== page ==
During the 10 days preceding Diwali, every Adivasi village across the four northern most districts of Telangana gets transformed into a festive arena where the Raj Gond and Kolam aboriginal tribes celebrate the exuberant Dandari-Ghusadi dance festival. The ethnic dance is an exhilarating visual display of tribal culture through which these ethnic tribes also look to foster marital alliances; it also provides a platform to promote awareness on key contemporary issues faced by the Adivasis.
For many centuries, the Raj Gonds and Kolams have inhabited the tribal heartland of north Telangana, in the districts of Adilabad, Kumram Bheem Asifabad, Mancherial and Nirmal. Predominantly an agrarian community, the religious festivals of these tribes revolve around the agricultural season and the Dandari-Ghusadi is the most important post-harvest event.
The aboriginals themselves have little knowledge about the origins of the dance festival. Michael Yorke, the former BBC journalist who made a documentary film called Raj Gonds — Reflections in a Peacock Crown in 1981-82, observes that the festival, in accordance with Raj Gond mythology, is an annual celebration and re-enactment of the marriage procession of Yetma, the daughter of God of Creation with a Raj Gond suitor.
When a Raj Gond falls in love and marries Yetma, a procession accompanies her to her marital home. Dandari, which means a 'collective', is akin to a baraat or marriage procession. The Ghusadi-thado or Ghusarks, sporting huge hats made of hundreds of peacock feathers are the personification of the God of Creation. They accompany the marriage procession to provide protection from wild animals as the procession traverses through dense forests. Adolescent boys who are dressed as women, called para-porik are believed to represent Yetma.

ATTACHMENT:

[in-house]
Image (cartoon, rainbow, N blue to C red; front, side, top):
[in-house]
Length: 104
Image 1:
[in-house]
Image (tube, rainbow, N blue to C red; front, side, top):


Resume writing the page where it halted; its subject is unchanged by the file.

Every village inhabited by Raj Gonds or Kolams has a Dandari-Ghusadi troupe which travels to other villages where they have given their sisters and daughters in marriage and vice versa. It is this journey that symbolises retracing the arduous one from the Adivasi mythology.
At the start of the festival, Raj Gonds perform Bhogipuja, an offering of special prayers to the Dandari-pen (or the Dandari god) comprising the majestic peacock head gear, the musical instruments, the small sticks used by Dandari dancers and the masks of Kodal pen (or the saviour god). At Mallapur village in Sirikonda mandal of Adilabad district, this ritualistic puja was performed at the house of the patel or village headman Durva Raju Shambhu Patel. The men from the village assembled and offered their prayers reverently, and the ritual was completed by women seeking blessings from the Dandari pen.
A resident of Mallapur, Athram Bheem Rao, who is also the chairman of the local Village Development Committee, says with great pride, “It is our tradition to celebrate Dandari-Ghusadi and we follow it every year without fail. Our Ghusadi-thado (thado means 'old uncle') will don their typical make up, smear their bodies with holy ash and sport the peacock crowns. After performing the necessary rituals here, the troupe and some villagers will head to Thummaguda, located six km away.”
At Mallapur, Bhogi is followed in the same evening where the Ghusadi-tados are made up by para-poriks. The bodies of the five Ghusarks are smeared with ash and designs made, they wear false moustaches, beards, large strings of beads around their neck and bells around their waist as well as feet. In addition to peacock feathers, the extraordinary headgear also has a pair of ram horns, a mirror, and is decorated with colourful shiny flecks.
As Madavi Babu Rao, a Ghusark from Mallapur, gets into the elaborate costume, his mother explains, “This ritual is like a deeksha. He leaves home today and returns only after a minimum of five days. He will travel to the designated villages and during this period he must sit or sleep only on the deer-skin and will not even take a bath."